“Chamber Music Society”, Spalding’s third studio album (released in 2010) became the best-selling contemporary jazz album of 2011, making her the bestselling contemporary jazz artist that year. This album earned its title as “chamber music” by bringing together two trios representing different aspects of Spalding’s past: a jazz one featuring pianist Leo Genovese and drummer Terri Lyne Carrington, and a classical strings group. This production illustrates the endless potential of a young artist who can draw from any musical source on the planet, and make music that is personal, profound, unique and impassioned. “Chamber Music Society” introduces Latin rhythms alternating with funk, swing and Brazilian grooves. Spalding’s bass playing is more economical and expressive and her vocals are stronger. That said, with its musical diversity, stylistic panache, and soul, this is a fantastic super album.

On July 26, 2017, Spalding did something audacious by announcing that her new album “Exposure” was to be recorded in 77 hours with no previously prepared songs and limited to 7777 copies. The idea for this concept sprang from what she heard on an elevator one day when a man, headed to the seventh floor, said “seven is a divine number. It’s the number of completion. It represents the earthly culmination of a divine thought.” She liked that sentiment and decided to act on it.

This was to be streamed live, giving her fans the chance to see her create songs from scratch and record them in real time with her band. Her band included Ray Angry on keyboards, Matthew Stevens on guitar, and Justin Tyson on drums, with a little help from her friends Andrew Bird on violin, LaLah Hathaway on vocals, and Robert Glasper on piano. Spalding’s outstanding musicality is present throughout. All 7,777 physical albums were completely sold out by the final day of Spalding’s live stream on September 15, 2017.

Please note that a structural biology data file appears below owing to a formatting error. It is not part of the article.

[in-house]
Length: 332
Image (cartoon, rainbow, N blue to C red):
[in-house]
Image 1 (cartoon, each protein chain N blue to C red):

“12 Little Spells” is Spalding’s seventh studio album. It was released in 2018, by Concord Records. All of the songs were released individually and every track contains a music video. Each one of the songs, which Spalding refers to as “spells”, is dedicated to a different part of the body, and was created with the notion of the song healing or helping listeners with those particular parts of their anatomy. On this album Spalding sings to various parts of her body, examining the complications existing within the female skin as opposed to focusing on what some popular beauty magazines consider as flaws.

The idea of this album came from her work in the field of musical therapy. The number 12 is an allusion to the 12 tones of the chromatic musical scale. Musically, the album is extremely organic with great instrumentation, soulful vibes, and her amazing voice. She is accompanied by Matthew Stevens on guitar, Justin Tyson on drums, Aaron Burnett on saxophone, Burniss Travis on bass, Corey King on background vocals, and Rob Schwimmer on continuum.

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About William Price King

William Price King is an American jazz singer, crooner, and composer.

His interest in music began at an early age when he studied piano and clarinet in high school. At Morehouse College in Atlanta where he grew up, he sang in the Glee Club and studied classical music. After graduation he went off to the Yale School of Music where he earned a Masters degree. From there he journeyed to New York where he created a jazz trio ‘Au Naturel’ which performed in some of the hottest venues in Manhattan including gigs on Broadway and the famous ‘Rainbow Room.’ These gigs opened doors for performances in Montreal and a European tour.